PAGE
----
Arch Dis Child 85:197-201 doi:10.1136/adc.85.3.197
  • Article

Bullying involvement in primary school and common health problems


AIMS To examine the association of direct (e.g. hitting) and relational (e.g. hurtful manipulation of peer relationships) bullying experience with common health problems.

METHODS A total of 1639 children (aged 6–9 years) in 31 primary schools were studied in a cross sectional study that assessed bullying with a structured child interview and common health problems using parent reports. Main outcome measures were common physical (e.g. colds/coughs) and psychosomatic (e.g. night waking) health problems and school absenteeism.

RESULTS Of the children studied, 4.3% were found to be direct bullies, 10.2% bully/victims (i.e. both bully and become victims), and 39.8% victims. Direct bully/victims, victims, and girls were most likely to have physical health symptoms (e.g. repeated sore throats, colds, and coughs). Direct bully/victims, direct victims, and year 2 children were most likely to have high psychosomatic health problems (e.g. poor appetite, worries about going to school). Pure bullies (who never got victimised) had the least physical or psychosomatic health problems. No association between relational bullying and health problems was found.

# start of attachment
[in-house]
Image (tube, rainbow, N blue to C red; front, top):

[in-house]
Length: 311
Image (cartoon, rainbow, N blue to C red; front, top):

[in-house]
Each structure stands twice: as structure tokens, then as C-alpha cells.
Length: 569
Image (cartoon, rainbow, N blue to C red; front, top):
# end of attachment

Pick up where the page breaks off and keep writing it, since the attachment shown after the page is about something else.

CONCLUSIONS Direct bullying (e.g. hitting) has only low to moderate associations with common health problems in primary school children. Nevertheless, health professionals seeing children with repeated sore throat, colds, breathing problems, nausea, poor appetite, or school worries should consider bullying as contributory factor.

  • Bullying is widespread among primary school children. Many bullies are also victims of bullying

  • At primary school age, the effects of bullying on health and school absenteeism are less strong than reported for secondary school children

  • “Pure” bullies are healthier children compared to victims and bully/victims, suggesting that they have a constitution that allows them to be dominant in inappropriate ways

  • Health professionals seeing children with repeated sore throat, colds and coughs, breathing problems, nausea, poor appetite or worries about going to school should consider bullying as contributory factor